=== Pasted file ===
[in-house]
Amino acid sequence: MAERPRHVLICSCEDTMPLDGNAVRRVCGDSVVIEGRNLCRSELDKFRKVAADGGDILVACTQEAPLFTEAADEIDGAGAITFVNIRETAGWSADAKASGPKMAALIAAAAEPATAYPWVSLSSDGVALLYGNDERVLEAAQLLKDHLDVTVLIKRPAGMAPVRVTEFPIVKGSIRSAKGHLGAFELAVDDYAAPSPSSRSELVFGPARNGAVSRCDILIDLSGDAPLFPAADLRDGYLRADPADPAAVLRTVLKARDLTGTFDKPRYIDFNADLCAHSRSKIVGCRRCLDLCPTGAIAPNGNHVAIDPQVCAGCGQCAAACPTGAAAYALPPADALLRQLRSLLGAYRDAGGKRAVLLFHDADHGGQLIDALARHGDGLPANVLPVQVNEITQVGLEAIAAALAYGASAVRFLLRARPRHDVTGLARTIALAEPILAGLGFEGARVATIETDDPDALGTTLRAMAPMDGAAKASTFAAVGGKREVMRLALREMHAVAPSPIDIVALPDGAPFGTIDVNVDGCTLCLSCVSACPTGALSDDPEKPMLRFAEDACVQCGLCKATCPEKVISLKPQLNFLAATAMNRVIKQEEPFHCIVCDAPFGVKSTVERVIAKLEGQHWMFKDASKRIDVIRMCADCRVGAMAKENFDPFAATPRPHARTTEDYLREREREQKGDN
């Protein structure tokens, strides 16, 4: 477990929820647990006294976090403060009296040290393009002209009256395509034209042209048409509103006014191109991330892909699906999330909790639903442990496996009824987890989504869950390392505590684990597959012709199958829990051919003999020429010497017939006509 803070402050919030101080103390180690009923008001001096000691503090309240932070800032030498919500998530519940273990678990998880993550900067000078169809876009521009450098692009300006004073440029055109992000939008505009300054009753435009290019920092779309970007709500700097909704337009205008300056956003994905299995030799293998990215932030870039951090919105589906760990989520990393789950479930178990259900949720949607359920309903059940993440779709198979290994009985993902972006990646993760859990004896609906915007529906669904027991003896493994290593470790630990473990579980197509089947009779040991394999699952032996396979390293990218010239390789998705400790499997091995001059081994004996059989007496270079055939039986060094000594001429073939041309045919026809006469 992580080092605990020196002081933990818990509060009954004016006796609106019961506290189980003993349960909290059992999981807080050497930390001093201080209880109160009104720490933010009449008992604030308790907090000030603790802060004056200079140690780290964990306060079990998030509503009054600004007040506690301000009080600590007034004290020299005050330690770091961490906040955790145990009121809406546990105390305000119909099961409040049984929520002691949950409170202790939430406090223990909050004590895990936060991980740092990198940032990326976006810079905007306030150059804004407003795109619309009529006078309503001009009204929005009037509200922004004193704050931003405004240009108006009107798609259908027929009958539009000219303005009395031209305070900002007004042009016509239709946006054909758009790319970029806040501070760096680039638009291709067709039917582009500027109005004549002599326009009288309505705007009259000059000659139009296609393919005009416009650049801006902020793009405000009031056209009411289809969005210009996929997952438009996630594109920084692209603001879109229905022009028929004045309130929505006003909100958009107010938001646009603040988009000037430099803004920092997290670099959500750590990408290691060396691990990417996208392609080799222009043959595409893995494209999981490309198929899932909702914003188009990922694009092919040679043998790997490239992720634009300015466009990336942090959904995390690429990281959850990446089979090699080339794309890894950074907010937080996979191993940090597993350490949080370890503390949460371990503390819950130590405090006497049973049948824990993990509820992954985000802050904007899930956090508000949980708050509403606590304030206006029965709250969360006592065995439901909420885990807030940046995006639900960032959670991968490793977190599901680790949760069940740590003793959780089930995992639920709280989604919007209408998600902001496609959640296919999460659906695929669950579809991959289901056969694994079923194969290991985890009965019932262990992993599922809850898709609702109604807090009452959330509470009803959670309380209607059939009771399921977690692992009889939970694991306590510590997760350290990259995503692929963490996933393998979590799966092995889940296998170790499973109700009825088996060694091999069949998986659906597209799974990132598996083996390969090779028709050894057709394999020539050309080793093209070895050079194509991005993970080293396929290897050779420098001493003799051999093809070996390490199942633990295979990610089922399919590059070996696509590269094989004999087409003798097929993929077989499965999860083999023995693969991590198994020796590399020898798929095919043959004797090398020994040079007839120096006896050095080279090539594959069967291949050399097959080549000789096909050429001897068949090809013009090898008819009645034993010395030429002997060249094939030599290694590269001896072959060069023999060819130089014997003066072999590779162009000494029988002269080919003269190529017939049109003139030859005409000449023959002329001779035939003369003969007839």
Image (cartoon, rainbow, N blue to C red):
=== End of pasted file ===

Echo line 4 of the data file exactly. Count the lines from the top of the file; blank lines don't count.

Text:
Image (cartoon, rainbow, N blue to C red):